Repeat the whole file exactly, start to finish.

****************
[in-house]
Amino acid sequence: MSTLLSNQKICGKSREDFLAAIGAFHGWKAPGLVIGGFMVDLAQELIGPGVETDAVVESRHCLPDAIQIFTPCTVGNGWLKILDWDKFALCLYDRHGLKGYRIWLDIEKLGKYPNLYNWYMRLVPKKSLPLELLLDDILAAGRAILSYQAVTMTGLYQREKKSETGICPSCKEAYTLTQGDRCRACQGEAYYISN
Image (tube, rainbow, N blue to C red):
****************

[in-house]
Amino acid sequence: MSTLLSNQKICGKSREDFLAAIGAFHGWKAPGLVIGGFMVDLAQELIGPGVETDAVVESRHCLPDAIQIFTPCTVGNGWLKILDWDKFALCLYDRHGLKGYRIWLDIEKLGKYPNLYNWYMRLVPKKSLPLELLLDDILAAGRAILSYQAVTMTGLYQREKKSETGICPSCKEAYTLTQGDRCRACQGEAYYISN
Image (tube, rainbow, N blue to C red):